Tuesday, 22 November 2011

What your camera knows about you

Big Brother is in your camera
I've recently written a little about how cameras store information inside image files, and how this can be potentially dangerous (and also fodder for inaccurate scare-stories).

While researching this subject, largely by glancing through other people's photos on photo-sharing site Flickr, I found that the amount of metadata stored by some modern cameras is quite mind-boggling.

Take, for example, your baby's age.

You read that right. Some cameras will track the age of your child and embed this information into photos. This is handy, of course, but did you know that this data was there? Or that your camera's serial number may also be embedded in images?

The serial number issue is what worries me most, when considering the actions of over-acting law enforcement versus legitimate protesters. The same applies to an even greater degree when one considers the risk this poses to the personal security of camera-armed observers documenting activities against what they consider to be a repressive regime.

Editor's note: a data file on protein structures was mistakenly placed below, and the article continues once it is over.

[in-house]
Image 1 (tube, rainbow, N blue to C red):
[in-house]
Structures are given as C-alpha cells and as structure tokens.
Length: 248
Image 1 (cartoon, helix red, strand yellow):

In a previous article I imagined that it would not take much work for an investigator to figure out which suspect's camera had taken offending images. It will take even less work if the whole or near-whole serial number is embedded in the images. Add some GPS coordinates and your alibi is going to have to be pretty strong.

Let's say you use a Panasonic Lumix camera (DMC range). You can expect your images to contain a long list of metadata including:

  • Firmware Version
  • Internal Serial Number cbbbbaaaawzzzzyyyyxxxx==
  • Baby Age :02:22 00:00:00
You can find real examples very easily by performing a Google search for:
Internal Serial Number site:flickr.com
You don't have to be opposed to the authorities to find this troubling. Run that search (above) on Google and include Baby Name. If you regularly upload images to sites like this be aware that you're putting a lot of personal information out there. It's your choice, but at least make that choice rather than leak the data unwittingly.